Overview of Depression

Everyone has times of feeling down or blue and usually these feelings pass quickly. However, in some people, the feelings are more severe and persistent. When a person experiences a low mood continually for more than two weeks, they may be suffering from clinical depression.

Signs and symptoms of depression include the following:

  • Agitation
  • Changes in appetite
  • Changes in sleep
  • Complaints of vague pains or illness
  • Hopeless and helpless feelings
  • Impaired ability to think clearly
  • Loss of interest in usual activities
  • Low self-worth
  • Sadness, irritability, and anxiety
  • Thoughts of suicide and death
  • Unusual fatigue

Depression affects a significant percentage of people at some point during their lives. For example, up to 25 percent of the elderly may suffer from depression. There may be a predisposition towards depressive disorders, although it is unclear to what extent genetic factors play a role.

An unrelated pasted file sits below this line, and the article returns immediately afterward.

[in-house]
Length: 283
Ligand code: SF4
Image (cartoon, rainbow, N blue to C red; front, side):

Depression is treated with various therapies. Psychotherapy and drug therapy are the most typical treatments and may be administered on an outpatient or inpatient basis, depending on the severity of the illness. While rarely used for decades, electroconvulsive or "shock" therapy is being used again in more severe cases.

It may be difficult for those who are depressed to discuss their feelings with friends, family, and physicians. Many people, overwhelmed by their feelings, resist seeking treatment. It is important to remember that depression, like any disease, is not a sign of weakness. It is important for friends and family members to discuss their concerns and encourage a person who is suffering from depression to seek treatment.

Publication Review By: Stanley J. Swierzewski, III, M.D.

Published: 01 Jan 2001

Last Modified: 10 Sep 2015